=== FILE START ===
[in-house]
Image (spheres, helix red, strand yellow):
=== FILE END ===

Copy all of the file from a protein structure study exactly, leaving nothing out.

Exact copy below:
[in-house]
Image (spheres, helix red, strand yellow):